MINISTER KING Samir Shabazz, the notorious black supremacist and leader of the New Black Panther Party's Philadelphia chapter, is in jail again. Trenton police arrested him after officers - serving an outstanding warrant out of Atlantic City - found a 9 mm handgun, 30 rifle rounds and one armor-piercing bullet in a room where he was staying in the city's Battle Monument neighborhood, spokesman Lt. Mark Kieffer said. It was the second gun arrest in a year for Shabazz, 42, whose real name is Maruse Heath.
SPORTS
August 31, 2016 | By Mike Jensen, STAFF WRITER
The Rhule family took off from Kansas City, setting out for New York City with two young children, family mutt squeezed in, U-Haul behind. Dennis and Gloria Rhule don't want to sound too lofty, but they saw their next move as a calling. Dennis, graduated from the Nazarene Theological Seminary, was ready to begin work as an urban missionary, as an assistant pastor at a church just off Times Square. Gloria would work with at-risk women and children. Their son remembers most of it, but Matt Rhule, now Temple's football coach, might not recall how before the Rhules reached the East Coast, a rainstorm proved the U-Haul's roof had a leak.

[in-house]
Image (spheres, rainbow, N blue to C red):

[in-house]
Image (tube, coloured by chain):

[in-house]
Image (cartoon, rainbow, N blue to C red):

1 | 2 | 3 | 4 | 5 | Next »
ARTICLES BY DATE
NEWS
September 14, 2016
By Edward G. Rendell, Thomas J. Ridge, and Rebecca W. Rimel What do Pope Francis, singer and human-rights advocate Bono, and both the Republican and Democratic national committees have in common? In the last two decades, they chose Philadelphia as the best place to advance their values and mission. And the audience was worldwide. Twenty years ago, Google was still a research project at Stanford. The iPhone was more than a decade away. And Netflix hadn't started mailing DVDs.
NEWS
September 11, 2016 | By Steven Rea, Columnist
Sully Tom Hanks stars as veteran airline pilot Chesley Sullenberger in this deftly executed account of the amazing emergency landing of a US Airways passenger jet in the middle of a New York City waterway - the so-called Miracle on the Hudson. A true-life drama about heroism and people working in harmony under exceptional conditions, and a sobering deconstruction of the flight's aftermath: Second-guessing, self-doubt, an administrative body - the National Transportation Safety Board - that appears to be looking for a scapegoat.
NEWS
September 9, 2016